My work is about photography; what it is, what it means, what it does. I explore the history and theory of photography in a number of different ways, as an artist, a writer, and an educator. All of my projects begin with looking closely at photographic images. In my art practice, I work primarily with found photographs, both personal and historical, and I am especially interested in that most common of photographic forms, the family snapshot. I enlarge and manipulate details, calling attention to the wealth of visual information photographs record, and then recombine those details in new combinations that highlight the malleable nature of photographic meaning.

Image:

As a scholar I also necessarily work with found photographs, and my critical practice also begins with close looking. I am interested in exploring how photographs are invested with meaning, in how they come to have specific cultural significance in different contexts. As in my creative work, I am generally drawn to common photographic forms such as the portrait, the snapshot, and the mass media image. I seek to understand how people use photographs to make both personal and political statements.
This web page features primarily my photographic artwork. For more information about my scholarly books, articles, and lectures on photography, please see the book folders provided here, the links page, and my CV.